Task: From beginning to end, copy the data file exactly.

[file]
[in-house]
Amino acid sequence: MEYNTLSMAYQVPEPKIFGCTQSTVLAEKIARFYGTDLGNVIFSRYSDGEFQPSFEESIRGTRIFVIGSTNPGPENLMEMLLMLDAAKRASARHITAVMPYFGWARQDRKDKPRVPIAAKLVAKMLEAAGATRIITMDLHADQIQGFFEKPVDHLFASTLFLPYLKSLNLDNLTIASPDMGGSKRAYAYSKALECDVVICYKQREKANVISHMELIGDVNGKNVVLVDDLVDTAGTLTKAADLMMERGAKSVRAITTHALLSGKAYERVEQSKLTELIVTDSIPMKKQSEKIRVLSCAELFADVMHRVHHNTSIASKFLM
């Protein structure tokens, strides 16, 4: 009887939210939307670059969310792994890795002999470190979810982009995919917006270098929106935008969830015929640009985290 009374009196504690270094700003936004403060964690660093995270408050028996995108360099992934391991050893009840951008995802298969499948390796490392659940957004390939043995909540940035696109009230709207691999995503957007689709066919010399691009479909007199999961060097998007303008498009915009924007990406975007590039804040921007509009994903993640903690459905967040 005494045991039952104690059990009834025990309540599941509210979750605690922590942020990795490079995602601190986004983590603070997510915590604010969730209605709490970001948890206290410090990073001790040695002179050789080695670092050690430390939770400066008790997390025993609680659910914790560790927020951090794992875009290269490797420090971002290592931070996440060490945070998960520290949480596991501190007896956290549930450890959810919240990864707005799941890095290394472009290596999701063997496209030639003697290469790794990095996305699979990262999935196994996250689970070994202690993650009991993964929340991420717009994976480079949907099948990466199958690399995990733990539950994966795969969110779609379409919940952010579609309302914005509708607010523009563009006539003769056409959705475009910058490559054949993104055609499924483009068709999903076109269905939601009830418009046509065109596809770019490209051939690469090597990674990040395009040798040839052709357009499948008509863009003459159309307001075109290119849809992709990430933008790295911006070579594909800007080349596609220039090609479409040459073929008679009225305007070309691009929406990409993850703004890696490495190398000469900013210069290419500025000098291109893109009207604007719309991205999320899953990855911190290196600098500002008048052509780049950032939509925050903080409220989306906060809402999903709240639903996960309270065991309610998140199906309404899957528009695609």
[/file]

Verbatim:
[in-house]
Amino acid sequence: MEYNTLSMAYQVPEPKIFGCTQSTVLAEKIARFYGTDLGNVIFSRYSDGEFQPSFEESIRGTRIFVIGSTNPGPENLMEMLLMLDAAKRASARHITAVMPYFGWARQDRKDKPRVPIAAKLVAKMLEAAGATRIITMDLHADQIQGFFEKPVDHLFASTLFLPYLKSLNLDNLTIASPDMGGSKRAYAYSKALECDVVICYKQREKANVISHMELIGDVNGKNVVLVDDLVDTAGTLTKAADLMMERGAKSVRAITTHALLSGKAYERVEQSKLTELIVTDSIPMKKQSEKIRVLSCAELFADVMHRVHHNTSIASKFLM
């Protein structure tokens, strides 16, 4: 009887939210939307670059969310792994890795002999470190979810982009995919917006270098929106935008969830015929640009985290 009374009196504690270094700003936004403060964690660093995270408050028996995108360099992934391991050893009840951008995802298969499948390796490392659940957004390939043995909540940035696109009230709207691999995503957007689709066919010399691009479909007199999961060097998007303008498009915009924007990406975007590039804040921007509009994903993640903690459905967040 005494045991039952104690059990009834025990309540599941509210979750605690922590942020990795490079995602601190986004983590603070997510915590604010969730209605709490970001948890206290410090990073001790040695002179050789080695670092050690430390939770400066008790997390025993609680659910914790560790927020951090794992875009290269490797420090971002290592931070996440060490945070998960520290949480596991501190007896956290549930450890959810919240990864707005799941890095290394472009290596999701063997496209030639003697290469790794990095996305699979990262999935196994996250689970070994202690993650009991993964929340991420717009994976480079949907099948990466199958690399995990733990539950994966795969969110779609379409919940952010579609309302914005509708607010523009563009006539003769056409959705475009910058490559054949993104055609499924483009068709999903076109269905939601009830418009046509065109596809770019490209051939690469090597990674990040395009040798040839052709357009499948008509863009003459159309307001075109290119849809992709990430933008790295911006070579594909800007080349596609220039090609479409040459073929008679009225305007070309691009929406990409993850703004890696490495190398000469900013210069290419500025000098291109893109009207604007719309991205999320899953990855911190290196600098500002008048052509780049950032939509925050903080409220989306906060809402999903709240639903996960309270065991309610998140199906309404899957528009695609």